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Nuclear Chemistry

Nuclear Chemistry at Work

How can radioactivity be measured?

Radioactivity is measured by detecting the products of radioactive decay processes. The most well-known instrument used for this purpose is the Geiger counter. A Geiger counter is sensitive to the products of nuclear decay, including alpha and beta particles and gamma rays. The units used to quantify radiation are the Curie or the Becquerel, which describe the number of nuclear decays a substance undergoes per unit of time.

In many cases, it may not be necessary to directly detect the radiation being given off at this instant, but rather to just determine the isotopic ratio of an element present in a sample. This can be done using techniques borrowed from analytical chemistry, such as mass spectrometry. Information on the isotopic ratio present, along with knowledge of the half-life of the isotope in question, can be related to the age of the sample being studied.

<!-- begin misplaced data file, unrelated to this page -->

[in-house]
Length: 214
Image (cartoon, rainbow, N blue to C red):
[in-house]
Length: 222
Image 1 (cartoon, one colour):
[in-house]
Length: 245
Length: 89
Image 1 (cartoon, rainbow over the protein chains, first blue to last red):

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A Geiger counter is a useful tool for measuring radioactivity in almost anything. It can detect alpha and beta particles, as well as gamma rays.

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